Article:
We’ll have to wait and see if this is a temporary pullback or the start of a larger selloff. But if interest rates continue to rise, many expect this small-cap market segment to continue its string of underperformance. 👎

STOCKTWITS CONTENT
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  • Traditional Markets: Precious metals on the move as money rotates into consumer staples and energy 🛡️

  • Social: The changing social media landscape, creator economy, and taking control of personal data 🤳

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Watch it now on YouTube and Spotify, and subscribe to catch each episode when it goes live!

EARNINGS
Adobe Shares Go Soft

Those hoping software giant Adobe would experience an “AI earnings boost” like many of its peers did were left severely disappointed by today’s results.

Although the company’s adjusted earnings per share of $4.48 and revenues of $5.18 billion topped expectations, its forward guidance left a lot to be desired. 😟

Executives forecasted second-quarter adjusted earnings per share of $4.35 to $4.40 (vs. $4.38 est.) and revenues of $5.25 to $5.30 billion, which fell short of the $5.31 billion anticipated by analysts. 🔻

Additionally, the company’s abandoned $20 billion acquisition of design software startup Figma has investors concerned about what will drive revenue growth going forward.

While Adobe tried to smooth things over with a $25 billion share buyback program, $ADBE shares are falling 11% after hours. 💸

Notably, the Stocktwits community may be looking to buy the dip as sentiment is still in “extremely bullish” territory while investors discuss the results. We’ll see if that resilience continues in the days and weeks ahead. 🐂

STOCKTWITS CONTENT
A Can’t-Miss Market Event 👀

We will be live with the one and only Tom Lee of Fundstrat & Bitwise CEO Hunter Horsley to discuss all things markets & crypto on Tuesday, March 19th at 3PM EST! 🗓️

Beluga Founder Sonny Singh will be joining as well to moderate this marketing-moving conversation. Save your spot by clicking here.

Stocktwits Spotlight

While the market continues to sour on Tesla and other electric vehicle makers, others are viewing this weakness as a potential opportunity to accumulate shares on the dip. However, “buying the dip” is never as easy as it seems in hindsight, so investors and traders are taking many different approaches toward the stock right now. 😬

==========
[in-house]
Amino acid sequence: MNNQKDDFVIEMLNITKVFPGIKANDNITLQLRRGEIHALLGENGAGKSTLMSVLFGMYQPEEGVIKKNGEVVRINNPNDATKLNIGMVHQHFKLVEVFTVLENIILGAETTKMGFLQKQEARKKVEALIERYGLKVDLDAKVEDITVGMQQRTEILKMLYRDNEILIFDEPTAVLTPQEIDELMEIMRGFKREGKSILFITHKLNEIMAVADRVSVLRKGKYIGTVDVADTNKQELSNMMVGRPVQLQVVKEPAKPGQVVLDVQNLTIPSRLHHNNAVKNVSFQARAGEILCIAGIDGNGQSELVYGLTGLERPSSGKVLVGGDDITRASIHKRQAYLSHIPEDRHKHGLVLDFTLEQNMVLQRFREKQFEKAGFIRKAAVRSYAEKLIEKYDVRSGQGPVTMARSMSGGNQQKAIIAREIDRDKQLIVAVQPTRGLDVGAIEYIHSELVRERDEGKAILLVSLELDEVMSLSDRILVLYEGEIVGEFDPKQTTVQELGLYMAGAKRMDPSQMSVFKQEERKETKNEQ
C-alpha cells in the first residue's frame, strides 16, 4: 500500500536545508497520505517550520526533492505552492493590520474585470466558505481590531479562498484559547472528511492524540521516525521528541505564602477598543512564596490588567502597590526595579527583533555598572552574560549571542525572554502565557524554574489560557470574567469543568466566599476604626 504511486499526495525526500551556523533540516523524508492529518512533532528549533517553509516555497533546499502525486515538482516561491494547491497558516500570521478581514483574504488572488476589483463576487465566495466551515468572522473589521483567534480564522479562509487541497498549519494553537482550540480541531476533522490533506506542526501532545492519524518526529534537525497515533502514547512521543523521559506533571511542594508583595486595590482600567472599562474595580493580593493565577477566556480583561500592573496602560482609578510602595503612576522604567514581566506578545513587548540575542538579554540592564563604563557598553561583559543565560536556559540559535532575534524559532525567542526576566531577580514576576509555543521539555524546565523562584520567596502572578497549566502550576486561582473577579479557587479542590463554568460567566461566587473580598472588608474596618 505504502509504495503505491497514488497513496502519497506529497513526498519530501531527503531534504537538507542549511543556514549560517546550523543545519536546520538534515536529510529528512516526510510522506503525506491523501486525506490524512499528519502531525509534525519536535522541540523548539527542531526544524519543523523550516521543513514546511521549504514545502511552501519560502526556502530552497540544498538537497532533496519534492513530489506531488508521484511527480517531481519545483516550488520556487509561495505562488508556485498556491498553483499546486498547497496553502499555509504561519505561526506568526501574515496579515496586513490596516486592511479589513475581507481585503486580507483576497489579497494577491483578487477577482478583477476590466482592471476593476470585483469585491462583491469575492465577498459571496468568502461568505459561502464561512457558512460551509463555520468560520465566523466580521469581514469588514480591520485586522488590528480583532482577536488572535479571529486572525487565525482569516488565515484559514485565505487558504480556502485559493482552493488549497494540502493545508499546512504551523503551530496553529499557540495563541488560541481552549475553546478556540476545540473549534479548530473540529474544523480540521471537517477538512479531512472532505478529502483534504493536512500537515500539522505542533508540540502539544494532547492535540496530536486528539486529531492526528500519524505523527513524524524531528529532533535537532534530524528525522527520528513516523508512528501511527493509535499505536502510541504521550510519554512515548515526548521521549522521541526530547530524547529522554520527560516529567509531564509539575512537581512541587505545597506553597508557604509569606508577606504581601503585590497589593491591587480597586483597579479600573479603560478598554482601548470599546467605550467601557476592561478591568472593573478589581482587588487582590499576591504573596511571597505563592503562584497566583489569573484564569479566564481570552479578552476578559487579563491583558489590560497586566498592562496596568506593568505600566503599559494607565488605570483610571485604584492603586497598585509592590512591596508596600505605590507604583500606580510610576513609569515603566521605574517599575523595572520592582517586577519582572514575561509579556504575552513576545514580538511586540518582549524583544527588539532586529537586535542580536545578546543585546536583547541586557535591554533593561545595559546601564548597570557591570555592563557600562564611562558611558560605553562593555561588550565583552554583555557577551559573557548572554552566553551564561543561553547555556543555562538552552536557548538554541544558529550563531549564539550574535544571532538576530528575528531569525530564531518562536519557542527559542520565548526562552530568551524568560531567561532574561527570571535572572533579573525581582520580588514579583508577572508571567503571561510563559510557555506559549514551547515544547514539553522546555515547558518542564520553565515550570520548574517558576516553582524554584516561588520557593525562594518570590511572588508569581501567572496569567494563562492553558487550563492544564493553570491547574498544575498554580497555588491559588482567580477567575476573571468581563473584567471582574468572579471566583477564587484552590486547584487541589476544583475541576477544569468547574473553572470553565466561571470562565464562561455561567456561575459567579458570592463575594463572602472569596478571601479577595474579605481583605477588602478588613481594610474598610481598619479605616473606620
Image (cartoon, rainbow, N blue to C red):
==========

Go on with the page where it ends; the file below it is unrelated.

For example, Stocktwits user Framus Morrigan shared his view of a longer-term trend channel that suggests the $100 area in Tesla could be a solid place for the stock to find support. That would represent another 35-40% downside from current levels and likely cause sentiment to become even more bearish than it currently is. 🎯

We’ll have to wait and see if prices do eventually reach that level. but this is a solid reminder to have a longer-term view of assets you’re interested in, especially when the short-term noise is extremely loud.

For updates on this longer-term view and more analysis like this, follow framus_morrigan on Stocktwits! 👀

Bullets From The Day

🕵️ EU regulators open probe into AliExpress. The European Commission began a formal investigation into the international e-commerce website run by Chinese tech giant Alibaba. The probe is part of the region’s landmark Digital Services Act, which came into effect this month and looks to keep big tech companies from around the globe in check on things ranging from misinformation to anti-competitive practices. CNBC has more.

🤔 Steven Mnuchin is looking to…buy TikTok? The former Treasury Secretary is assembling a team of investors to bid for the social media giant just a day after the House passed a measure to ban the Chinese-owned app from U.S. shores. While the company is likely unprofitable, it’s worth a lot of money and is a “great business,” according to Mnuchin and his backers. More from CNN Business.

🏨 Hilton Hotels makes its first brand acquisition since 1999. The international travel giant is making a big bet on college towns by purchasing Graduate Hotels from Adventurous Journeys Capital Partners for $210 million. The brand operates 400-500 hotels globally, primarily in locations near major colleges and universities in the U.S. and U.K. Reuters has more.